Did you know that there is no “official” national flower for Canada?
Isn’t it time, during our 150th birthday, that we had an official national flower for Canada?
Although we have an official tree, the generic “Maple” tree, there are only about 10 native Maple species in Canada out of 150 worldwide, and of these, none are found in all parts of Canada.
The Master Gardeners of Ontario decided to launch a search for a pan-Canadian flower. One that appears in every province and territory, and is not already a provincial or territorial emblem. With help from Todd Boland, Research Horticulturist at Memorial University of Newfoundland, we came up with the following three choices:
Which one would you vote for as Canada’s national flower?
The nominees are:
1) Hooded Ladies Tresses (Spiranthes romanzoffiana)
Unique spiraling flower spike marks this genus;
Found in open wet areas – meadows, bogs, marshes – in every province and territory;
Fragrant flowers from July to Sept on 10 to 50 cm stems;
Food source for native bumblebees all through summer.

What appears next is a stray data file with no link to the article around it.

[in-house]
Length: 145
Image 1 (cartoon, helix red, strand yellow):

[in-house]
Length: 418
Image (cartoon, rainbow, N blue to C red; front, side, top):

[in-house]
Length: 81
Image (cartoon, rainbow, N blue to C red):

2) Twinflower (Linnaea borealis)
Delicate but tough! “borealis” – of the north;
Found in forests, wetlands all over Canada;
Reproduces mainly by spreading stolons;
Fragrant flowers on 15 cm stems for one week in June, attract native bees;
Winter forage for caribou.
3) Bunchberry (Cornus canadensis)
Changes with the seasons – just like Canada!
White flowers in spring, red berries in summer, great red-purple fall colour;
Very common in forests and wetlands all over Canada;
Creeping form, 10 to 20 cm tall, great as a native groundcover;
Pollinators include native bumblebees and solitary bees;
Berries are food source for small and large mammals, migratory birds;
Winter forage source for caribou, moose, elk, deer.